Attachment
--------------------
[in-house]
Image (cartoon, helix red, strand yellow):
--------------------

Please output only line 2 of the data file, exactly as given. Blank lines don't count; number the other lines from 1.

Image (cartoon, helix red, strand yellow):